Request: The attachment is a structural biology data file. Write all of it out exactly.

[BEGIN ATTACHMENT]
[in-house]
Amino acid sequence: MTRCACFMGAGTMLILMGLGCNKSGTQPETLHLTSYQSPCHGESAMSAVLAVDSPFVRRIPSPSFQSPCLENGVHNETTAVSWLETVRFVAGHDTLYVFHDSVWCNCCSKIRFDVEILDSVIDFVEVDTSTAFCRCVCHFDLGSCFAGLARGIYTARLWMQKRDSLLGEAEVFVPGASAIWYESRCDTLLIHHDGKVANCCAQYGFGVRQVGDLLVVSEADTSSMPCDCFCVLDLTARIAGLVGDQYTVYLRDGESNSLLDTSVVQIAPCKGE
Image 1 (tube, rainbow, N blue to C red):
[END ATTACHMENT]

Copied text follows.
[in-house]
Amino acid sequence: MTRCACFMGAGTMLILMGLGCNKSGTQPETLHLTSYQSPCHGESAMSAVLAVDSPFVRRIPSPSFQSPCLENGVHNETTAVSWLETVRFVAGHDTLYVFHDSVWCNCCSKIRFDVEILDSVIDFVEVDTSTAFCRCVCHFDLGSCFAGLARGIYTARLWMQKRDSLLGEAEVFVPGASAIWYESRCDTLLIHHDGKVANCCAQYGFGVRQVGDLLVVSEADTSSMPCDCFCVLDLTARIAGLVGDQYTVYLRDGESNSLLDTSVVQIAPCKGE
Image 1 (tube, rainbow, N blue to C red):